The Family’s Pan-European Ambitions 

European Straits #33

Nicolas Colin

Dear all,

Four years ago, Alice Zagury, Oussama Ammar and I founded The Family. It was initially designed as an investment entity to nurture ambitious France-based entrepreneurs, from the very start all the way up to their building an empire. We would take a small equity stake in startups we like, solve problems met by entrepreneurs at the earliest stage, help them pass critical inflection points, and deploy more capital along the way.

Among many other things, we had two main motives for launching The Family:

  • We wanted to work with entrepreneurs, not financiers. Our ambition was to build a business on the investing side but none of us really had the taste or patience to go through the pain of a 3-year roadshow to raise our first fund. For us, it was critical to serve entrepreneurs from day one and design our business based on their actual needs rather than replicating what French venture capitalists had been doing for years. This is why The Family used to mostly look like an accelerator (and benefitted from Alice’s experience managing one before The Family).

  • We were convinced that ambitious entrepreneurs would only succeed if we improved their environment. Startups are not isolated entities that succeed on their own. More than mature companies, they’re unable to succeed without a strong and healthy ecosystem designed to help entrepreneurs do the heavy lifting and grow at the largest scale possible. Hence The Family was not designed to work solely with entrepreneurs: another mission has always been to reach out to key stakeholders such as investors, large corporations, government, and academia.

It’s always too early to claim victory, but we’re already very proud of what we’ve accomplished in the French ecosystem. We’ve contributed to elevating the level of ambition among French founders. We’ve enlarged the pool of venture capital that startups within The Family can access by building strong and trusted relationships with non-French venture capital firms. What’s more, the value of our portfolio companies is now worth over a billion dollars: we passed this milestone a few months ago and it convinced us that it was high time to go up to the next stage.

Two years ago, we already knew that The Family should expand internationally. There were two main reasons:

  • First, early stage investing has become a global market with an ever-increasing level of competition. And you cannot compete at that level if your operations are confined to only one country. If we wanted to keep working with the best and most ambitious entrepreneurs, Europe had to become our playing field.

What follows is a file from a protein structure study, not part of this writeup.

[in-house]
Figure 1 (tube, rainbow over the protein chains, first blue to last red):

• Second, it’s simply easier to change a domestic ecosystem if you can also influence it from the outside. Whereas a local player can only go so far, a pan-European entity has more levers and more clout when it comes to advancing the cause of tech startups in every country. It’s about being better positioned on a larger playing field.

Expanding in Europe seems like a simple enough idea. However, implementing that vision is a difficult challenge. For two years now we’ve been in exploratory mode: some of us left France to enlarge our perspective (including my moving to London, where I’ve been living with my wife and kids). We briefly operated a local office in Barcelona, then closed it down for lack of ambitious entrepreneurs. Finally, we decided that operating at the pan-European level required that The Family be present in London, Paris, and Berlin—the three major startup ecosystems in Europe.

We’re now ready to go on to the next phase: growing an integrated infrastructure that relies on those three cities as strong pillars. Each of the three offices is to be managed by a senior member of our team, whose mission will be to own the local ecosystem: Erika Batista (The Family’s first employee) in Paris, Hugo Amsellem (another veteran) in Berlin, and Naim Taleb-Dumortier (whom we more recently hired as CFO) in London. Another group will operate certain functions at the pan-European level, including a small, agile team in charge of scouting and reaching out to ambitious entrepreneurs all over Europe.

Future issues of this newsletter will also share news of The Family’s development and describe the state of the European startup ecosystem. In the meantime, let me simply conclude by stating the strategic goals we’re pursuing in our current effort:

  • The Family is to be known by ambitious European Entrepreneurs as a radical brand and an attractive value proposition.

  • Our infrastructure is to be designed to facilitate our startups making the most of the three cities and expanding beyond their domestic market.

  • The Family must become a go-to point for every stakeholder willing to address challenges related to technology at the pan-European level.

Here are a few of our writings to go further on The Family’s pan-European ambitions:

Warm regards (from Paris, France),

Nicolas